• PCController: the most sophisticated sample and the original motivation to start developing this library. This sample converts the input received from the phone into operating system commands to manipulate the mouse cursor. It effectively lets you control your desktop computer using gestures, raw touch, accelerometer and text input, including features like: left, right and double mouse clicks, moving the cursor in relative and absolute positioning mode, drag and drop, two-finger scrolling/mouse wheel emulation. This sample is not meant as a simple demonstration or to easily learn the use of the library, but a real-world example for a more advanced use.
    • LogService: A supporting helper application for troubleshooting and diagnosis.

More detailed documentation about the individual components will be added in the future.

Firmware Requirements

After the update to Windows Phone 7.1/7.5 ("Mango"), there were some phone devices that showed odd behavior with TCP/UDP sockets. This is not a bug in the library, but an issue with the phone's firmware. In particular, the Samsung Omnia 7, several HTC models (Trophy, Mozart and HD7) as well as the Dell Venue Pro are confirmed to be among the problematic models. More information and a detailed analysis of the problem can be found here. If you run into these issues, please make sure your phone's firmware is up-to-date to solve the issue. In particular, the problem is fixed for:
  • the Samsung Omnia 7: firmware 2424.11.8.5+
  • the HTC Trophy: firmware 2250.21.51002.161+
  • the HTC Mozart: firmware 2250.21.51007.401+
  • the HTC HD7: firmware 2250.21.51007.401+
  • the Dell Venue Pro: nobody confirmed this is has been fixed for this device so far. If you have more information, please let me know.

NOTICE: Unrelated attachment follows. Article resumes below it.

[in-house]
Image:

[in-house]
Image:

There is no official schedule or roadmap; I'm adding features when I find the time. However, the following things are already on my TODO list and can be expected in the future:
  • Reference client: Add tutorial or help screen to make it easier for the end user to get started > done
  • Reference client: Add configuration/options screen, in particular: > done
    • Add configuration option to disable lock screen (to prevent the screensafer from kicking in if the client only makes use of sensors) > done
  • Reference client: Once the two features above are added, try to submit the application to the Marketplace > done, submitted and accepted on Dec 17th
  • Reference client: Improve auto-reconnection after activation if no WiFi connection is available (auto-reconnect after lock screen usually fails because it takes a few seconds to restore the connection) > done
  • LogService: Make the service endpoint address configurable in the UI > done
  • Create a binary release that is easier to use for interested devs > done (Dec 19th)
  • Unit testing(?): I've started two different approaches to unit test the library in the past. However, due to the distributed nature, the involved multi-threading, the rather complex code sharing setup of portable class libraries combined with linked files and conditional compilation, and of course also the lack of isolation frameworks for Windows Phone I'm not satisfied with any of the outcome so far - if some unit testing guru reads this, I'd also be glad to hear an external opinion or recommendation on this.


If you find any bugs, have feature requests or want to contribute to the library, make sure to use the issue tracker or contact me. Forks/pull requests also are welcome.

About me

My name is Peter Kuhn ("Mister Goodcat"), and among much other I'm a Windows Phone enthusiast :).
You can learn more about me here, and read more from me on my blog.

Last edited Dec 19, 2011 at 3:00 PM by Mister_Goodcat, version 10


No comments yet.